Hello to everybody!!!
The statements and considerations contained in Levo's latest post are, as far as I know, basically all correct, but, in my humble opinion, it is highly improbable that scholars (especially Latvian ones) would agree about such a definition of Latvian language as simply a Finno-Ugrianized Baltic dialect and, even more improbable, that the majority of Latvians would agree about the fact that their culture is simply a ... Finno-Ugrian Lithuanian culture.
Moreover some of Levo's claims or which Levo has quoted savour a little bit of ... "Finno-Ugrianism"...
For example ... he talked about present day "Liivimaa" (a name that could be, by and large, translated as "Livonia"), but this is a concept that nowadays lives only in Livonian, Estonian (and maybe Finnish) culture; for all other cultures is, by now, (and unfortunately taking into consideration the lot of the Livonian people) only a historical concept.
It would be really wonderful if we could still see on an earth political map ... a Livland...inhabited by Livonians, wouldn't be!!!
Levo's "Finno-Ugrianism" is of course ... natural and understandable. Many of the people that speak an Indoeuropean language suffer from "Indoeuropeanism" (included the undersigned), but if we take this not as an ideological stance, but simply as a working hypothesis ... nothing wrong!!!
Taking the above-mentioned into account I would like to examine some of Levo's considerations from an "Indoeuropean" point of view (and let's take this, please, simply as a game or an intellectual competition!!!)
On the understanding that Latvian language and culture is basically a typical Indoeuropean language and culture, we must admit that under some aspects it seems really as a "middle course" between Lithuanian and Estonian/Livonian.
The simpler explanation could be the following:
Latvians share with their Lithuanian cousins a common ethnic origin; this common origin is of course the source of related languages and many common beliefs, customs and traditions.
On the other side Latvians and Estonians/Livonians share a common historical/political/cultural evolution, due, first of all, to the contiguity of the two peoples territories; to the fact the some Latvian tribes merged with the Finnic tribes living around the Gulf of Riga, but, and above all, to the fact that starting from the German/Teutonic invasion the two peoples were englobed in a single political entity.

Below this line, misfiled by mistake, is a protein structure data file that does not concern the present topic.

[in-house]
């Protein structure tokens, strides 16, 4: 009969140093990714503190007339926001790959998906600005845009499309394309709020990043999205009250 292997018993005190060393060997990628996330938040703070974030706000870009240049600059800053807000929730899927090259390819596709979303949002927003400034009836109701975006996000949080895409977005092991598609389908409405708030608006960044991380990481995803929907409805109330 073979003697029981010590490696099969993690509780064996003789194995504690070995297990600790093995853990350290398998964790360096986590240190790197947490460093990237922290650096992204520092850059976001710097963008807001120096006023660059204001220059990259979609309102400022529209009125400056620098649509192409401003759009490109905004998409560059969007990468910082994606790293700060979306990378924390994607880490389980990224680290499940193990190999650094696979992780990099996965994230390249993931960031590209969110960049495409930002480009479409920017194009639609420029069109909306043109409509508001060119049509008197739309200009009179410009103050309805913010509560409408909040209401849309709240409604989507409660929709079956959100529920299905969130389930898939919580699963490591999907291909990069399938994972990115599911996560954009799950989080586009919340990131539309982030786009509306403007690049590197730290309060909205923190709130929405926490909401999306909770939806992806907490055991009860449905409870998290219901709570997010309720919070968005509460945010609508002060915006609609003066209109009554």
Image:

Starting from the XIII century and for at least 500 years for Latvians were without doubts easier to have contacts with Estonian people than with their Lithuanian cousins.
Then the fact that nowadays Latvian literary language has many similarity with Estonian could be considered a "historical incident". The Latvian standard comes from the dialect of Riga and the sorrounding territory, just the territory where the ethnic merging between Latvian tribes and Livonian/Estonian tribes were stronger.
If the standard would have come, let's say, from the Curonian territory (West Latvia and North-West Lithuania, nowadays Latvian Kurzeme) the similarity between Latvian and Estonian would have been surely less.
In my previous post, the statement: "one could suppose that the ancestors of many Latvians were ... not Baltic ... but Finnic", was a sort of a "provocation"...
...my "Indoeuropeanism" and in my humble opinion the historical, linguistic and archeaological data lead me to the conclusion that: yes, surely many Latvians have Finnic ancestors, but the majority have Baltic ancestors...at least as back in time as a Baltic ethnicity can surely be assessed (and this could open of course another puzzling question... ).
I am sure, and really do hope, that Levo, or anyone else (where are you, Latvians friends!?!) which is interested in this topic or simply likes the scientific dialectics with its never-ending contrast between theses and their confutations, will give his/her contribution to this friendly and interesting "game"...